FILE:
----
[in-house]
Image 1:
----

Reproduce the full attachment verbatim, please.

[in-house]
Image 1: